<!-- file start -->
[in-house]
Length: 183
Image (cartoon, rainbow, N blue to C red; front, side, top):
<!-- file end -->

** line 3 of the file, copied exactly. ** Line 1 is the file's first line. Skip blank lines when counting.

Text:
Image (cartoon, rainbow, N blue to C red; front, side, top):